Guest post by Erica the Intern
Being a senior in college is bittersweet, and this week it got a lot more bitter thanks to FAFSA.
In December, I will have completed a degree in public relations in 3.5 years. Throughout the last three years, I have managed to attend school debt free. My goal, which I set back in high school, was to graduate college without taking out student loans so that I could do missionary work after I graduated, and I was well on my way there.
This semester my family and I reapplied for financial aid because my parents’ financial situation hit an all-time low. With career changes and a slowly growing business, my parents’ incomes dropped even more than they had the year before. Last year, I was fortunate enough to attend school without paying for tuition because of a 4-year scholarship (that gives me half-priced tuition) and Pell Grants. I expected the same governmental funding, and it looked like I would receive another Pell Grant for my last semester. My potential grant was supposed to cover around $1,800 of the $2,300 I would owe for tuition and fees. That was doable. I would have been able to pay the $500 difference because I had been faithful to save a portion of each paycheck this summer. I was going to graduate debt-free and I was pumped.
When I logged onto my school’s financial aid website to accept my award, my jaw dropped. All the “awards” listed were loans. I called the Financial Aid office and to my dismay, all they could offer me were the loans. This was because I made $10,236 in 2011, which is $236 more than students are allowed to make and still receive federal financial aid. I was penalized for working; for getting two paid internships and bartending to pay my rent and living expenses. The fact that my parents have four kids and are trying to keep their heads afloat didn’t matter. All that mattered was that I had made $236 more than what was allowed.
I’ll be honest and say as soon as I hung up the phone, I started bawling. I was so close to graduating, and the financial stability rug was ripped right from underneath my feet. It’s too late to apply for scholarships and loans are still not an option. I’ve talked to my parents and our only option is to take money from my younger brothers’ college funds and pay my $2,300 in tuition. Though this isn’t my preferred method of handling the situation, it’s the only way for me to graduate debt free.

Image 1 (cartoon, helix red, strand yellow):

If I had more time to come up with the money (since I start classes on August 20), I would have tried some of these ideas to close the money gap:
- Start a fundraising website: I got the idea from Katie Dwyer, who set up a website to help her pay for her last year at Huntington University. Katie has a lot more money to raise than I do (and you can donate a dollar to help her here), so I thought I would put my own personal twist on her website idea. My idea was to raise money for tuition, and then give any excess money away in the form of a charity donation or as a scholarship for college seniors trying to pay for their last year of school.
- Start a small business: If I had known a few months ago that my financial aid would be revoked, I would have endeavored to start a small business. I liked the ideas of refurbishing old furniture, or designing and selling fun t-shirts. It’s easy to turn an interest or hobby into a profit if you have the right resources.
- Organize a 5K race: I love running and 5K races are great fundraisers. By partnering with a larger organization and helping put together a 5K race, getting them on board with helping you (and others) pay for college could be really easy and fun.
- Work odd weekend jobs: Working odd jobs is a quick way to earn extra money. Whether you’re cleaning foreclosed homes or babysitting, odd jobs allow you to add more money to your tuition fund. (See more Flexible Ways to Earn Money in College here)
- Find “extra money” by asking: By this time in the year, all of the “extra” funds for students have been passed out, but it is possible to attain extra money from your school. One semester, I lost a grant because I had achieved “junior” status during my sophomore year. I had come from high school with AP credits and was a semester ahead. I was counting on that grant to pay for school. I went to my school’s Honors College (which I’m apart of) and asked if there was anything they could do. They told me they would honor the grant the following semester. I was able to get $600 by simply asking for help.
FAFSA isn’t always fair, so sometimes you have to get creative or ask for help. Whatever you decide, don’t just give up and quit school, or resort to taking out more loans. Asking for donations or working for extra tuition money will pay off more in the long run than racking up more debt or quitting school altogether.
Peter Dunn a.k.a. Pete the Planner® is an award-winning financial mind and a former comedian. He’s a USA TODAY columnist, author of ten books, and is the host of the popular radio show and podcast, The Pete the Planner Show. Pete is considered one of the foremost experts on financial wellness in the world, but he’s just as likely to talk your ear off about bass fishing.